GLENDALE, Ore. — One group of firefighters is a unique unit for the Bureau of Land Management. Almost all are veterans of the war in Iraq or Afghanistan and are now trained to fight wildfires and do other forest work in the off-season.
With the fires now raging in Southern Oregon they’re being called to help light backfires to create a wide fire line so the wildfire will not be able to spread.
“It feels good to be part of something bigger than yourself and help out the community and local people,” air force veteran, Michael Tucker, said.
Tucker and his comrades have been on the Brimstone fire, cutting 15 miles of fire line and helping slow it’s spread.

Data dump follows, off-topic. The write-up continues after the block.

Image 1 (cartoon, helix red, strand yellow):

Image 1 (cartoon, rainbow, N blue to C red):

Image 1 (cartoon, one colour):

“End of the day, you’re pretty wiped out,” Tucker added. “l end up climbing up and down hills and packing a 40 pound pack, and plus your tool and torch, so it’s long days.”
“They’re really go getters,” Jerry Serabia with the Bureau of Land Management said. “So putting in a lot of miles on the feet, 15 miles of line, so you can imagine walking on the side of a hill all day with a drip torch!”
Tucker says they usually sleep near their fire lines so they don’t have to waste time riding back to fire camp before going to bed.
For these guys it’s fighting fire with fire. These are the guys that set a lot of the back fires, trying to establish a wider fire line so the fire doesn’t get outside it’s boundaries. A total of 33 service members were hired under the program last year, and are with the Medford, Lakeview and Spokane BLM districts.